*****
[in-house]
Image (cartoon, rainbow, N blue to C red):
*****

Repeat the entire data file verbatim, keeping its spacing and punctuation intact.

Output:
[in-house]
Image (cartoon, rainbow, N blue to C red):